As UC Davis works to spin out more start-up companies and the city of Davis mulls how best to keep them here, a new nonprofit organization aims to help both succeed.
Davis Roots, a business accelerator, is the brainchild of local entrepreneur Anthony Costello, former chairman of the city’s Business and Economic Development Commission, and UCD professor of technology management Andrew Hargadon, the founding chair of both the campus’ Energy Efficiency Center and what is now the Institute for Innovation and Entrepreneurship.
Their plan is for the accelerator, sometimes called an incubator, to bring 10 to 15 start-up companies a year under one roof. The goal is to have the accelerator up and running with the first group of businesses in one to 1 1/2 years.
The firms will receive guidance on founding companies effectively, including finding co-founders, assembling a board of directors and honing their pitches for potential investors.
“We’re really trying to make sure that a two- or three-person company that’s got a PowerPoint presentation and a crude working application can find someplace to work and find a community to support them,” Hargadon said last week.
Added Costello, “The goal of Davis Roots is to create a 10-person company with its own funding that then takes up its own office space in town and continues to hire and grow within the city.”
The pair bring ample experience to the task.
Costello has co-founded several high-tech and pharmaceutical research start-ups: BazuSports, LeapForm, Sparq Group, Nextrials and, most recently, Mytrus, a clinical research firm in San Francisco.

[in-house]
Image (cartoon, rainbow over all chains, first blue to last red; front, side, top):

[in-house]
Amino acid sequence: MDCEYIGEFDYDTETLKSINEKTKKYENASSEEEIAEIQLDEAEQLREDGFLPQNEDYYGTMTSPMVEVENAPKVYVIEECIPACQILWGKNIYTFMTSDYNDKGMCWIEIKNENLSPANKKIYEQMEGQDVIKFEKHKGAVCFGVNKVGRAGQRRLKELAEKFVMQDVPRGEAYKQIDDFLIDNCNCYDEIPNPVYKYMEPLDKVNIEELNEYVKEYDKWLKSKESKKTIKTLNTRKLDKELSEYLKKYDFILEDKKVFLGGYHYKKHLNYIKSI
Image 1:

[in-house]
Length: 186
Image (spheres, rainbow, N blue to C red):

The holder of the Charles J. Soderquist Chair in Entrepreneurship at the UCD Graduate School of Management, Hargadon has focused his research on the development and commercialization of sustainable technology. He is the author of “How Breakthroughs Happen: The Surprising Truth About How Companies Innovate.”
They see Davis Roots as a next step for researchers from UCD and elsewhere who have patents or new technologies with commercial potential. Many already will have started shaping their ideas on campus under the guidance of the Institute for Innovation and Entrepreneurship.
“We can dress them up, but at some point they really need to leave the nest,” Hargadon said. “It’s not completely outside the university, but it’s outside enough that they can start to develop their own identity as a company.”
Not giving start-ups a springboard means the city has lost businesses to Berkeley or cities closer to home, like West Sacramento.
“(Businesses) have a lot of support and a lot of services and a lot of advisers and a lot of space, all those things, while they’re within the university and then they walk out the door and they’re sort of lost in the big world,” Costello said. “Then a big investor comes in and takes them under their wing — off they go and we never see them again.”
For now, Costello and Hargadon see their niche as working with young Internet-based or technology companies who either won’t need laboratory space or who aren’t yet at the stage where such space is needed.
Davis Roots may be able to aid a company in finding that kind of space at UCD or elsewhere later on, Costello said.